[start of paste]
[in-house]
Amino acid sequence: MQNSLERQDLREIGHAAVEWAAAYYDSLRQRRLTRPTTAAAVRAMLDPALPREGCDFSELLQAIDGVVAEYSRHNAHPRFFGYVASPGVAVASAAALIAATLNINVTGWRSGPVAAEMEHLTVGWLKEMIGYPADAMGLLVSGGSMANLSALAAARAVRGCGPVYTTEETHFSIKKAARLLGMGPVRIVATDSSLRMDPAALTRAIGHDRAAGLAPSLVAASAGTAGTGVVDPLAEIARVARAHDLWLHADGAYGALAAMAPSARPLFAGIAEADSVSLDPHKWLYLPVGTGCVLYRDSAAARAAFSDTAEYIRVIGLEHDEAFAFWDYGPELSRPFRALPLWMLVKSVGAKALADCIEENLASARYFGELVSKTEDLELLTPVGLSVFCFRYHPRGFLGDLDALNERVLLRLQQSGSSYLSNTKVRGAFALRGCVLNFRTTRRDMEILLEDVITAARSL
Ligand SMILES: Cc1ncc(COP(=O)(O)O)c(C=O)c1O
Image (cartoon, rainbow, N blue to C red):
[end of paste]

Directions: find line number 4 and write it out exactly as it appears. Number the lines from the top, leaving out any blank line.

Image (cartoon, rainbow, N blue to C red):